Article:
I’m in Belleville, Paris, in the middle of what feels like a living, breathing jungle of street art. The spray painter might be out of sight, but the works of many a fellow artist are in plain view.

On one wall alone, there’s a huge bald head, men perched in its eye sockets puppeteering long eyeball stalks. Beneath sits a howling gorilla, squatted next to a chap in an orange hammock, peacefully holding a pinwheel. And covering all of these pieces lies an endless, broken net of graffiti tags. This is the street after all, not a gallery.

Demian Smith of Underground Paris, one-time graffiti artist, and someone who’s genuinely besotted with street art, is guiding our tour group through Paris’s main hub of it. It’s a district with a richly rebellious history – one of the last and bloodiest battles of the Paris Commune in 1871 took place in what is now Parc de Belleville. Until the Eighties, Belleville was filled with slum housing, but it’s now known for ramshackle artists’ studios, cafes and bars. 

This gritty neighbourhood is nothing if not a levelling environment. Amateur graffiti – meaning basic tags and scrawls – sits alongside the work of world-class street artists, created with anything from brushes and cans to stencils, posters and installations.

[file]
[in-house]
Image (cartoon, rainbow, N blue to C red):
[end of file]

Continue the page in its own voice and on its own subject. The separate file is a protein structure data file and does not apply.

The whole lot comes together in a wild mishmash of colours, styles and textures, leaving me completely floored at the creativity and exuberance that bounces off the walls. Or, as Demian puts it when we pass a once-white van covered in chaotic layers of tags, “Whenever I see something like that, it makes me feel alive.” 

Before long I’m starting to feel the same buzz, getting a thrill every time I spot a witty stencil or a cheeky tag placed somewhere so high it could only have been done by the lankiest of kids hanging by the toes. These positions are called ‘heaven spots’ – as that’s where you’re heading if you fall – but for many, the danger just adds to the rush.

Demian explains, “The level of bravado is at the core of street art culture.” He later adds: “Interacting with space is the whole reason for graffiti. When you’re doing it, you feel connected to the city in a different way.”